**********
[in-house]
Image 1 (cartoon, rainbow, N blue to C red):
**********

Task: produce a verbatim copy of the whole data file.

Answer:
[in-house]
Image 1 (cartoon, rainbow, N blue to C red):